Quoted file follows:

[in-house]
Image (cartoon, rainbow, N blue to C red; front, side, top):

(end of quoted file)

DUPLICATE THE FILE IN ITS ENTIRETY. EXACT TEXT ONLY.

[in-house]
Image (cartoon, rainbow, N blue to C red; front, side, top):